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Date:   Wed, 23 Mar 2022 13:06:43 +0100
From:   Alexander Lobakin <>
To:     Paul Menzel <>
Cc:     Alexander Lobakin <>,
        Jakub Kicinski <>,
        David Laight <David.Laight@...LAB.COM>,
        Wan Jiabing <>,,
        LKML <>,,
        "Paolo Abeni" <>,
        "David S. Miller" <>
Subject: [Intel-wired-lan] Don't do arithmetic on anything smaller than 'int' (was: [PATCH v2] ice: use min_t() to make code cleaner in ice_gnss)

From: Paul Menzel <>
Date: Tue, 22 Mar 2022 22:02:06 +0100

> Dear Linux folks,
> Am 22.03.22 um 19:27 schrieb Jakub Kicinski:
> > On Tue, 22 Mar 2022 18:12:08 +0000 David Laight wrote:
> >>>> Oh FFS why is that u16?
> >>>> Don't do arithmetic on anything smaller than 'int'
> >>>
> >>> Any reasoning? I don't say it's good or bad, just want to hear your
> >>> arguments (disasms, perf and object code measurements) etc.
> >>
> >> Look at the object code on anything except x86.
> >> The compiler has to add instruction to mask the value
> >> (which is in a full sized register) down to 16 bits
> >> after every arithmetic operation.
> >
> > Isn't it also slower on some modern x86 CPUs?
> > I could have sworn someone mentioned that in the past.
> I know of Scott's article *Small Integers: Big Penalty* from 2012 [1].

Thank you all guys, makes sense!

Apart from this article, I tested some stuff on MIPS32 yesterday.
Previously I was sure that it's okay to put u16 on stack to conserve
it and there will be no code difference. I remember even having some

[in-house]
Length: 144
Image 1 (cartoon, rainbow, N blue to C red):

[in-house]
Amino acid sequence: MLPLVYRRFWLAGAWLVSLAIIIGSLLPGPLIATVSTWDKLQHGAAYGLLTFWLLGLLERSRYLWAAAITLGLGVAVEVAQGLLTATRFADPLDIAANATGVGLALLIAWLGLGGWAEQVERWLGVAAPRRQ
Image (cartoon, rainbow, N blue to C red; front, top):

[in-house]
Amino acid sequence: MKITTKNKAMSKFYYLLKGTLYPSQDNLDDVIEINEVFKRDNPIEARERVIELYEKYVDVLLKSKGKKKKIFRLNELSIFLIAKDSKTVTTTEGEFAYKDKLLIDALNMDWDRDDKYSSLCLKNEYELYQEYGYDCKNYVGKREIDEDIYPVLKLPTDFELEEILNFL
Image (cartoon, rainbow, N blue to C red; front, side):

bloat-o-meter data. Well, human memory tends to lie sometimes.
I have a bunch of networking stats on stack which I collect during
a NAPI cycle (receiving 64 packets), it's about 20 counters. I made
them as u16 initially as it is (sizeof(u32) - sizeof(u16)) * 20 = 40
bytes. So I converted them yesterday to u32 and instead of having
+40 bytes of .text, I got -36 in one function and even -88 in
another one!
So it really makes no sense to declare anything on stack smaller
than u32 or int unless it is something to be passed to some HW or
standardized structures, e.g. __be16 etc.

Another interesting observation, on x86_64, is that u32 = u64
assignments take more instructions as well. I converted some
structure field recently from u64 to u32, but forgot that I'm
assigning it in one function from an onstack variable, which was
still unconverted from u64 to u32. When I did the latter, the .text
size became smaller.

> Kind regards,
> Paul
> [1]:


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